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Did the Ground Game Matter in the Colorado Senate Race?

The recent Colorado race raises questions about how Bannock Street Project tactics could hold up in future contests.
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Colorado's Capitol Building in Denver. (Photo: Craig Mills/Shutterstock)

Colorado's Capitol Building in Denver. (Photo: Craig Mills/Shutterstock)

One of the most closely analyzed elections from 2014 has been Colorado's U.S. Senate race, in which first-term Democratic Senator Mark Udall narrowly lost to Republican Representative Cory Gardner. The New York Times provided a close look at this contest just last week, examining which voters turned out and which did not.

Offices can be run very differently across campaigns, and it's not obvious that more offices means a more effective turnout effort.

Part of the reason this contest has received such scrutiny is because it was a test of the so-called Bannock Street Project, a locally focused get-out-the-vote (GOTV) effort pioneered by the Obama campaign in 2008 and refined by Michael Bennet's Senate campaign in Colorado in 2010. (Bennet was one of very few swing-state Democratic incumbents to survive that year.) The architects of the Bannock Street Project were confident they could boost Democratic turnout again, as they had in 2010, saving Udall's seat even though he was trailing Gardner by a few points in the polls.

Relatedly, this was also an important race because it seemed that Republican strategists had finally learned the importance of voter turnout efforts. After McCain, Romney, and Colorado Senate candidate Ken Buck had been defeated in Colorado while making few specific turnout efforts, the Gardner team devoted time, money, and office space to its GOTV campaign. How much did these efforts matter?

One helpful way to look at the Gardner-Udall race is to compare it to the Bennet-Buck Senate race from four years earlier. As in 2014, this was a close match in a Republican-trending year, with a Democratic incumbent fighting to maintain a recently acquired seat. Below is a scatter-plot comparing the two contests. The horizontal axis shows the Republican's vote share in 2010; the vertical axis shows it in 2014. Each data point is a Colorado county. The green trend line shows what the 2014 vote would have been if each county had voted just as it did in 2010.


One quick takeaway from this chart is that the county-level vote shares are very similar across elections. They correlate at .977. That means that there just aren't many county-level differences to explain. Even if Gardner put a lot of resources into, say, Adams County (a competitive county in the Denver suburbs), he only improved on Buck's performance there by 2.4 percentage points, which is about the same as he did statewide.

Another trend to note is that many counties toward the right end of the chart are well above the line, while those to the left stick close to it. This means that the Republican vote share increased the most between 2010 and 2014 in counties that were already more conservative. This suggests a polarizing trend, with conservative counties voting more Republican and liberal counties trending more Democratic over time. It does not, however, suggest that Gardner did especially well in the swing counties where he focused most of his GOTV efforts.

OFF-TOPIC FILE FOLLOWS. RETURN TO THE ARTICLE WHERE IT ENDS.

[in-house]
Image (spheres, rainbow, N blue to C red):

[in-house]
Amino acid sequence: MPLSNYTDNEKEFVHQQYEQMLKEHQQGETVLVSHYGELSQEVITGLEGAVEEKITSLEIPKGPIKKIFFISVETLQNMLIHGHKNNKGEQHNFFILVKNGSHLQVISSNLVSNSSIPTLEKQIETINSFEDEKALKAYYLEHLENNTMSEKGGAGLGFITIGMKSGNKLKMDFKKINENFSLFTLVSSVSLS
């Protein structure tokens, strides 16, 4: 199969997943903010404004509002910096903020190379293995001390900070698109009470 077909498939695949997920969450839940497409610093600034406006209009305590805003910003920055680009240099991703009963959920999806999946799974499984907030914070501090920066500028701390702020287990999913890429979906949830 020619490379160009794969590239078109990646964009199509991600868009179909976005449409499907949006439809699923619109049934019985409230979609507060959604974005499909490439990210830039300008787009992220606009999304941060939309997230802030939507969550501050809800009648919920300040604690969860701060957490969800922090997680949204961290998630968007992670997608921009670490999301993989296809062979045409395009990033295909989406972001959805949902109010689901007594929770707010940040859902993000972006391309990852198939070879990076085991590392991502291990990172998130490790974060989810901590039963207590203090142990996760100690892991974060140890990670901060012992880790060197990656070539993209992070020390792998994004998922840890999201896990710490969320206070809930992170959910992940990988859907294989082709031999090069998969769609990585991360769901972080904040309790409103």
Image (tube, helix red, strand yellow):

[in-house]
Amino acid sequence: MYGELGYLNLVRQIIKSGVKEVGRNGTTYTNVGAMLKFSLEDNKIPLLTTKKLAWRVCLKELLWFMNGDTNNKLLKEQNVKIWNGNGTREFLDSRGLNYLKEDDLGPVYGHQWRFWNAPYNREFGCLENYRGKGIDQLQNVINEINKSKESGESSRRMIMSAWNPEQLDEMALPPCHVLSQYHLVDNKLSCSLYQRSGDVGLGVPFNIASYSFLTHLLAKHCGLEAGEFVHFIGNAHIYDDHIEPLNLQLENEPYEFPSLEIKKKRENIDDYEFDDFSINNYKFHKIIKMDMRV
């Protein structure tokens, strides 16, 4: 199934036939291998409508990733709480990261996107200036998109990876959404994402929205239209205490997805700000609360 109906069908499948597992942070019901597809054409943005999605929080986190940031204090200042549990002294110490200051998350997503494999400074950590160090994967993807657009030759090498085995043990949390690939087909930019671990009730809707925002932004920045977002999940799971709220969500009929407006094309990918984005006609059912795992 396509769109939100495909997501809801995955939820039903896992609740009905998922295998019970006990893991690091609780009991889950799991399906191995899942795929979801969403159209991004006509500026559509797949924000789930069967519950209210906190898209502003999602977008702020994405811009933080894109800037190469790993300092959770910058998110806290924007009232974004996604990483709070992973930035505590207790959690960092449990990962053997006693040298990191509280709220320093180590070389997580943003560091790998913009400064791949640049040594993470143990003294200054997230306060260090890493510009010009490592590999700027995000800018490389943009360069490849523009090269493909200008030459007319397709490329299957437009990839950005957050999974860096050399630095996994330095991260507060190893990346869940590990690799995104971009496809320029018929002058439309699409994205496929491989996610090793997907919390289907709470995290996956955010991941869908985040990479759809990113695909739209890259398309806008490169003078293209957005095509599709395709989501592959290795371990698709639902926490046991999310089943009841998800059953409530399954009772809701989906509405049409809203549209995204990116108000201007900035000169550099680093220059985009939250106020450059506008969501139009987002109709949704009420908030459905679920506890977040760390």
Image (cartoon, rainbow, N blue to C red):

To examine the possible effects of Gardner's and Udall's ground campaigns, I looked at the locations of both campaigns' field offices, which I obtained from their websites last year. I then ran a regression equation predicting Gardner's share of the county-level vote in 2014, using Buck's share in 2010 as a predictor. I included a variable measuring the presence of a Gardner office as another predictor variable, and another one for Udall offices. I also included a number of demographic and political county-level indicators as controls. (This is the same basic set-up I used in a paper assessing the impact of the Obama ground game in 2008.)

Interestingly, as in other recent elections, the Democrats simply had more field offices than the Republicans did. Udall had 32 offices statewide; Gardner had 12. That doesn't necessarily mean Udall did a better job at GOTV; offices can be run very differently across campaigns, and it's not obvious that more offices means a more effective turnout effort.

Nonetheless, the regression equation actually found no effect of the field offices at all, for either campaign. I tried several different specifications of the field office variables and never found one with a coefficient that approached statistical significance. The coefficients are plausible—roughly a point or two in the Republican direction for counties that had Gardner field offices, and maybe half a point in the Democratic direction for counties that had Udall field offices—but the standard errors are so large that we can't be confident that these results are real.

Now, this doesn't mean that these offices had no effect at all. The test I ran is a fairly rough one, operating at the county level. It's possible that a more local analysis at the level of the precinct or even the individual household could show some serious and statistically significant effects. It's also possible that both campaigns ran pretty effective GOTV efforts that canceled each other out. (A lot of their activity was in the same counties.) But at least from this rough test, it's looking like Gardner won the same way that Republicans won all over the country last year, by benefiting from an anti-Obama wave. GOTV may have helped, but it's quite plausible we'd have seen the same outcome if Gardner hadn't waged any GOTV effort at all.